As of 2011 Indian Census, Jajpur municipality had a total population of 37,458, of which 19,216 were males and 18,242 were females. Population within the age group of 0 to 6 years was 3,823. The total number of literates in Jajpur was 29,975, which constituted 80.0% of the population with male literacy of 83.5% and female literacy of 76.4%. The effective literacy rate of 7+ population of Jajpur was 89.1%, of which male literacy rate was 92.9% and female literacy rate was 85.1%. The Scheduled Castes and Scheduled Tribes population was 6,363 and 565 respectively. Jajpur had 8198 households in 2011.
Current MLA from Jajpur Assembly Constituency is Pranab Prakash Das of BJD, who won the seat in State elections of 2009. He was elected the second time with a large vote margin. Previous MLAs from this seat were Parameswar Sethi who won this seat in 2004 and Suryamani Jena who won this seat in 2000 representing BJD and also in 1995 representing JD, Jagannath Mallik who won this seat representing JD in 1990 and also in 1985 and in 1977 representing JNP, and Niranjan Jena of INC(I) in 1980. Sri Pranab Prakash Das [MLA] Jajpur Assembly Constituency has been appointed as Minister of State MoS (Ind) Energy and Information Technology. Sri Pranab Prakash Das [MLA] is also entrusted to oversee Disability Welfare in the department of Women and Child Development as MoS
|No.||Constituency||Reservation||Extent of the Assembly Constituency (Blocks)||Member of 14th Assembly||Party|
|48||Binjharpur||SC||Binjharpur, Dasarathpur (part)||Smt. Pramila Mallik||BJD|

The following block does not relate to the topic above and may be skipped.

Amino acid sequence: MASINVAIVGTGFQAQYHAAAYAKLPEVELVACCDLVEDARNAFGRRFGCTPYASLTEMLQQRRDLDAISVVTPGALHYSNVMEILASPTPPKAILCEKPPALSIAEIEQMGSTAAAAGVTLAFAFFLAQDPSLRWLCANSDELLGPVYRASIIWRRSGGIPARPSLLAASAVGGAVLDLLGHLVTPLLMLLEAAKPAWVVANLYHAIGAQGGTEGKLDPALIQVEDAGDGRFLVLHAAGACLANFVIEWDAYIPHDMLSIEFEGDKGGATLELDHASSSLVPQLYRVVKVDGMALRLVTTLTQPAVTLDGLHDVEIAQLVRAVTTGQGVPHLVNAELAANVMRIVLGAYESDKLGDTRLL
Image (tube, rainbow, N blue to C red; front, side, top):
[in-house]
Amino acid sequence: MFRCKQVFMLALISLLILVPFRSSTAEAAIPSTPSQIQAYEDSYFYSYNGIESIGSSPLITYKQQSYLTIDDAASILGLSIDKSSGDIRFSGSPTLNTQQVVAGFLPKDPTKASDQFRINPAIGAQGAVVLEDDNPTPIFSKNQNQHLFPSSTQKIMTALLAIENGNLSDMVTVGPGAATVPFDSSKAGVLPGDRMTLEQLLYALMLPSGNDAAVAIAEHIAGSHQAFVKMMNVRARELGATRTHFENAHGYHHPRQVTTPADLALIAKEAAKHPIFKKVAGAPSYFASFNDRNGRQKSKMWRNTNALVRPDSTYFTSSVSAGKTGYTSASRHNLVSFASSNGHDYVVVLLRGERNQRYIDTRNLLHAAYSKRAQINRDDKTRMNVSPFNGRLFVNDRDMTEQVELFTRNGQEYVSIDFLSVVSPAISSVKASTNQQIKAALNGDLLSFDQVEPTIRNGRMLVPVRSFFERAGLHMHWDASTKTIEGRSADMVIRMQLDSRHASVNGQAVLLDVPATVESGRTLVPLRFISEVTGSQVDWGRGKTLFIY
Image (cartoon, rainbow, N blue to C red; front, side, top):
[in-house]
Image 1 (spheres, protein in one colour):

|49||Bari||None||Bari, Jajpur (part), Rasulpur (part)||Sunanda Das||BJD|
|50||Barchana||None||Barchana||Amar Prasad Satpathy||BJD*|
|51||Dharmasala||None||Dharmasala, Rasulpur (part)||Pranab Balabantaray||BJD|
|52||Jajpur||None||Jajpur (M), Jajpur (part), Dasharathpur (part)||Pranab Prakash Das||BJD|
|53||Korei||None||Vyasanagar (M), Vyasanagar (O. G), Korei, Rasulpur (part)||Ashok Kumar Bal||BJD|
|54||Sukinda||None||Sukinda, Dangadi||Preeti Ranjan Ghadei||BJD|
- "Collector & District Magistrate of Jajpur District". District Portal Jajpur. Retrieved 20 October 2016.
- "Census of India: Jajpur". www.censusindia.gov.in. Retrieved 7 January 2021.
- Rout, K.C. (1988). Local Self-government in British Orissa, 1869-1935. Daya Publishing House. p. 35. ISBN 978-81-7035-046-0. Retrieved 21 June 2019.
- Thomas E. Donaldson 2001, p. 51.
- Thomas E. Donaldson 2001, p. 6.
- Kailash Chandra Dash 2010, p. 169.
- Asiatic Society (Calcutta, India); Asiatic Society of Bengal (1871). Journal of the Asiatic Society of Bengal. Bishop's College Press. p. 151. Retrieved 21 June 2019.
- Deshpande, A. (2013). Buddhist India Rediscovered. Jaico Publishing House. p. 245. ISBN 978-81-8495-247-6. Retrieved 21 June 2019.
- "Maps, Weather, Videos, and Airports for Jajpur, India".
- "State Elections 2004 - Partywise Comparison for 25-Jajapur Constituency of Odisha". Election Commission of India. Retrieved 24 September 2008.[permanent dead link]
- Kailash Chandra Dash (2010). "A traditional account on Yayati Keshari: Its formation and historical authenticity". Proceedings of the Indian History Congress. 71 (2010–2011): 165–178. JSTOR 44147485.
- Thomas E. Donaldson (2001). Iconography of the Buddhist Sculpture of Orissa. Abhinav. ISBN 978-81-7017-406-6.
|Wikisource has the text of the 1911 Encyclopædia Britannica article Jājpur .|